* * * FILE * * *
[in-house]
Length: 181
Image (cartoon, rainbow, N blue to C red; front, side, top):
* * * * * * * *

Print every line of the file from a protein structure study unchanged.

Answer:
[in-house]
Length: 181
Image (cartoon, rainbow, N blue to C red; front, side, top):